11142-002            Governor Brunsdale, General Gruenther and Floyd Boutrous upon Gruenther’s arrival to ND, ca. Feb. 22, 1955
11142-003            Governor Brunsdale and Floyd Boutrous greeting General Gruenther upon his arrival to ND, ca. Feb. 22, 1955 (KFYR-TV photograph)
11142-004            Norman Brunsdale with General Alfred M. Gruenther in the North Dakota House Chamber, Feb. 22, 1955
11142-005            General Gruenther and General Edwards in the ND House Chamber, Feb. 22, 1955
11142-006            Major Meile, General Gruenther, Colonel T. H. Sills, Mayor Evan Lipps, Warren Whitson, Colonel Hille, and Harold Schafer at event to promote the ND Crusade for Freedom, Apple Creek Country Club, Bismarck (ND), Feb. 22, 1955
11142-007            General Gruenther, ? Rungon, Floyd Boutrous, Colonel T. H. Sills at event to promote the ND Crusade for Freedom, Apple Creek Country Club, Bismarck (ND), Feb. 22, 1955
11142-008            General Gruenther’s airplane, ca. Feb. 22, 1955
11142-009            Governor Brunsdale, General Gruenther, Floyd Boutrous, and ? Rungon by General Gruenther’s airplane, ca. Feb. 22, 1955
11142-010            General Gruenther, General Edwards (with pipe given by Frank Zahn), Floyd Boutrous, and Governor Brunsdale in the ND House Chamber, Feb. 22, 1955
11142-011            General Gruenther with Della (Nassif) Boutrous, Floyd’s mother, ca. Feb. 22, 1955          
11142-012            ND House chamber before presentation by General Gruenther about the ND Crusade for Freedom, Feb. 22, 1955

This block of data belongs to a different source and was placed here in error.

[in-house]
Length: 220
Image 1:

11142-013            General Gruenther giving presentation about the ND Crusade for Freedom to the ND House, Feb. 22, 1955
11142-014            General Gruenther giving presentation about the ND Crusade for Freedom to the ND House, Feb. 22, 1955
11142-015            General Gruenther, General Edwards (with pipe given by Frank Zahn), Floyd Boutrous, and Governor Brunsdale in the ND House Chamber, Feb. 22, 1955
11142-016            Jack Swenson with General Gruenther on KFYR-TV speaking about the ND Crusade for Freedom, ca. Feb. 22, 1955 (KFYR-TV photograph)
11142-017            Judge Burke, General Gruenther, Floyd Boutrous and Governor Brunsdale at event to promote the ND Crusade for Freedom, Apple Creek Country Club, Bismarck (ND), Feb. 22, 1955
11142-018            General Gruenther giving presentation about the ND Crusade for Freedom to the ND House, Feb. 22, 1955
11142-019            Governor Brunsdale, General Gruenther, Floyd Boutrous, and ? Rungon  by General Gruenther’s airplane, ca. Feb. 22, 1955
11142-020            Unidentified at General Gruenther at event to promote the ND Crusade for Freedom, Apple Creek Country Club, Bismarck (ND), Feb. 22, 1955
11142-021            Bishop Leo F. Dworschak, General Gruenther and General H. L. Edwards at event to promote the ND Crusade for Freedom, Apple Creek Country Club, Bismarck (ND), Feb. 22, 1955 (Warren Whitson in background)
11142-022            Bishop Leo F. Dworschak, Governor Brunsdale, General Gruenther, Pamela and Harold Schafer at event to promote the ND Crusade for Freedom, Apple Creek Country Club, Bismarck (ND), February 22, 1955
11142-023            General Gruenther exiting airplane upon arrival to ND, ca. Feb. 22, 1955
11142-024            General Gruenther and General Edwards in the ND House Chamber (Floyd Boutrous in background), Feb. 22, 1955
11142-025            Frank Zahn presenting pipe to General Gruenther in the ND House Chamber, Feb. 22, 1955
11142-026            General Gruenther (with pipe given to him by Frank Zahn), General Edwards, Floyd Boutrous, and Governor Brunsdale in the ND House Chamber, Feb. 22, 1955
11142-027            Frank Zahn presenting pipe to General Gruenther in the ND House Chamber, Feb. 22, 1955
11142-028            Floyd Boutrous, General H. L. Edwards, Bishop Leo F. Dworschak, Governor Brunsdale, General Gruenther, and Harold Schafer at event to promote the ND Crusade for Freedom, Apple Creek Country Club, Bismarck (ND), Feb. 22, 1955